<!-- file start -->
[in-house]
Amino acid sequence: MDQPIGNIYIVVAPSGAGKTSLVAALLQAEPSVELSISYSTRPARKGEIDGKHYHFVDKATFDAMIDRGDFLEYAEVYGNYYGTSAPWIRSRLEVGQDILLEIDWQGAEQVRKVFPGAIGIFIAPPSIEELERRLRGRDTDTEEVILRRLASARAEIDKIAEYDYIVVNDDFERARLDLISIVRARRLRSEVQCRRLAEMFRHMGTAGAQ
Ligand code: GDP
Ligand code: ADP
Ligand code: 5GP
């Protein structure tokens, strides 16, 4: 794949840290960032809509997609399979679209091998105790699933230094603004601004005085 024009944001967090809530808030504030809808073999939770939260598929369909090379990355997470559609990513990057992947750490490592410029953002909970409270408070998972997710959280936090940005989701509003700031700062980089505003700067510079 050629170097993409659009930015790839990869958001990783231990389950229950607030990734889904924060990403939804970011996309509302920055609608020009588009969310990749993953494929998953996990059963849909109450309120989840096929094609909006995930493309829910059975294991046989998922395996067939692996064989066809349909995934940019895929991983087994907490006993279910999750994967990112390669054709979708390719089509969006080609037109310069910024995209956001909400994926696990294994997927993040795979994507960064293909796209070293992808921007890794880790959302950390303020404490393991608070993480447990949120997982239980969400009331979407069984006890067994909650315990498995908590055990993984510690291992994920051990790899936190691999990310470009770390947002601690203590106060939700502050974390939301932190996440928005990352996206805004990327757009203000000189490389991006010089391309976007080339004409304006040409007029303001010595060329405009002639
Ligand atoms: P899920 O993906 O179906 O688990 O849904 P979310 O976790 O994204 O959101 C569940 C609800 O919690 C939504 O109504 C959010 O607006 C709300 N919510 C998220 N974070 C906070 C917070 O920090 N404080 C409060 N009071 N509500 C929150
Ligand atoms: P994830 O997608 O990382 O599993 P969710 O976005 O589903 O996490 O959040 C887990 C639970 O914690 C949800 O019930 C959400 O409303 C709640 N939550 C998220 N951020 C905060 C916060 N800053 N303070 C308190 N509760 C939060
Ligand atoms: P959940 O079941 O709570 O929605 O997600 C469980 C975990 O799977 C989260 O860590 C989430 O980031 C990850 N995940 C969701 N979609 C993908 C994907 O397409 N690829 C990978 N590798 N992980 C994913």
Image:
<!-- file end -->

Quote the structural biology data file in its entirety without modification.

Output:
[in-house]
Amino acid sequence: MDQPIGNIYIVVAPSGAGKTSLVAALLQAEPSVELSISYSTRPARKGEIDGKHYHFVDKATFDAMIDRGDFLEYAEVYGNYYGTSAPWIRSRLEVGQDILLEIDWQGAEQVRKVFPGAIGIFIAPPSIEELERRLRGRDTDTEEVILRRLASARAEIDKIAEYDYIVVNDDFERARLDLISIVRARRLRSEVQCRRLAEMFRHMGTAGAQ
Ligand code: GDP
Ligand code: ADP
Ligand code: 5GP
């Protein structure tokens, strides 16, 4: 794949840290960032809509997609399979679209091998105790699933230094603004601004005085 024009944001967090809530808030504030809808073999939770939260598929369909090379990355997470559609990513990057992947750490490592410029953002909970409270408070998972997710959280936090940005989701509003700031700062980089505003700067510079 050629170097993409659009930015790839990869958001990783231990389950229950607030990734889904924060990403939804970011996309509302920055609608020009588009969310990749993953494929998953996990059963849909109450309120989840096929094609909006995930493309829910059975294991046989998922395996067939692996064989066809349909995934940019895929991983087994907490006993279910999750994967990112390669054709979708390719089509969006080609037109310069910024995209956001909400994926696990294994997927993040795979994507960064293909796209070293992808921007890794880790959302950390303020404490393991608070993480447990949120997982239980969400009331979407069984006890067994909650315990498995908590055990993984510690291992994920051990790899936190691999990310470009770390947002601690203590106060939700502050974390939301932190996440928005990352996206805004990327757009203000000189490389991006010089391309976007080339004409304006040409007029303001010595060329405009002639
Ligand atoms: P899920 O993906 O179906 O688990 O849904 P979310 O976790 O994204 O959101 C569940 C609800 O919690 C939504 O109504 C959010 O607006 C709300 N919510 C998220 N974070 C906070 C917070 O920090 N404080 C409060 N009071 N509500 C929150
Ligand atoms: P994830 O997608 O990382 O599993 P969710 O976005 O589903 O996490 O959040 C887990 C639970 O914690 C949800 O019930 C959400 O409303 C709640 N939550 C998220 N951020 C905060 C916060 N800053 N303070 C308190 N509760 C939060
Ligand atoms: P959940 O079941 O709570 O929605 O997600 C469980 C975990 O799977 C989260 O860590 C989430 O980031 C990850 N995940 C969701 N979609 C993908 C994907 O397409 N690829 C990978 N590798 N992980 C994913």
Image: